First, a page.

James Patrick Shannon, a former bishop of the Catholic Church whose liberal stances on social issues in the 1960s led to his being labeled a heretic and his resignation, died Aug. 28. He was 82.
Shannon, who resigned because he opposed Humane Vitae, a papal encyclical on human life that reaffirmed the church’s prohibition of artificial birth control, had been hospitalized in St. Louis Park, near Minneapolis, after a stroke.
Shannon’s resignation as auxiliary bishop of St. Paul and Minneapolis in 1968 was a shock to the progressive wing of the Catholic Church in the U.S. It caused protests and letters of outrage by his supporters, both clergy and members of the laity.
He was one of the first U.S. Catholic bishops to publicly object to Washington’s policies in Vietnam and to support the Civil Rights movement.
In his book, “Reluctant Dissenter” (1999), he described his experiences as a liberal, frequently at odds with his conservative colleagues. Los Angeles Cardinal James McIntyre was his most truculent opponent.
Despite what he later described as a series of betrayals by his peers, Shannon remained loyal to the church and showed no malice toward his enemies in his writing.
He told the Washington Post in a 1987 interview that he decided to resign after realizing that “it’s never going to be any different than this, and you have to face reality.”
Even after he married, returned to law school at age 49 and built a new career in the nonprofit sector, Shannon remained a practicing Catholic.
His resignation was a dramatic turn of events in what had been a particularly promising career in the church. Shannon, who was born and raised in St. Paul, Minn., was ordained in 1946, earned a PhD in American Studies at Yale University in 1955, and was the youngest priest appointed president of the College of St. Thomas in St. Paul, at age 35. He became an auxiliary bishop of St. Paul and Minneapolis at 44.
From the time he was appointed a bishop, however, he remained out of step with a powerful conservative wing.
When he accepted an invitation from the Rev. Martin Luther King Jr. in 1965 to attend the funeral in Selma, Ala., of a murdered civil rights advocate, he broke ranks with his colleagues in the conference of bishops.
Two years later, when Shannon spoke publicly against the Vietnam War, he was criticized again for breaking ranks. His fellow bishops had not yet issued an official document stating their position on the war. McIntyre and New York Cardinal Francis Spellman complained about Shannon to the Vatican.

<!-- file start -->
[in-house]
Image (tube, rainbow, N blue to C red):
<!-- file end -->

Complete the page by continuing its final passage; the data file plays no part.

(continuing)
Shannon was warned by a papal representative, for failing to be “sensitive” to the higher-level cardinals, and advised to keep silent on the subject of Vietnam. “You could have a great career in the church, you could be archbishop,” Shannon recalled the Vatican representative cautioning him.
His most devastating reprimand came in summer 1968, after he was appointed to moderate a television documentary, “The New American Catholic,” that aired on NBC. The program looked at the effects of Vatican II, the ecumenical council convened in 1962 by Pope John Paul XXIII to “renew” the church and, “adjust the norm of ecclesiastical law to the needs and thoughts of our time.”
The show covered topical questions such as marriage for clergymen and the ordination of women. Shannon said he favored open discussions on these issues. McIntyre issued a news release condemning Shannon’s comments and the program as a whole.
He then wrote a letter to leading clergy as well as the Vatican accusing Shannon of heresy. He also called for a meeting of bishops to take official disciplinary action. The vote fell against Shannon, 7-3, with eight bishops abstaining.
“My great pride in being an American Catholic bishop suffered a blow that day, from which it has never recovered,” Shannon wrote in his memoir.
That same fateful summer, Pope Paul VI upheld the church’s condemnation of artificial methods of birth control. Shannon considered it “a rigid teaching,” and believed that birth control within marriage was acceptable.
He knew he could not uphold the Pope’s teaching. Failing to do so amounted to breaking his vow of obedience, he believed, so he resigned.
In response to his letter of resignation, an archbishop and delegate from Rome tried to persuade him to take a position in South America. Supporters protested that it was an effort to exile Shannon.
Within one year of his resignation, in the fall of 1968, Shannon married Ruth Wilkinson, a widow with whom he had been acquainted since 1964. She survives him.
“I knew myself well enough to know that I couldn’t go on alone,” Shannon told the Washington Post in the 1987 interview.
The couple settled in Minnesota, where Shannon worked as executive director of several corporate foundations, including General Mills. He retired in 1988.
He was a regular worshiper at Holy Name of Jesus, his parish church in Medina, Minn., where 60 clergymen celebrated his funeral Mass on Sept. 5.
“He was no longer a bishop, but he was in full relationship with the church,” Richard Pates, auxiliary bishop of St. Paul and Minneapolis, told the St. Paul Pioneer Press at Shannon’s funeral. “This was his spiritual home.”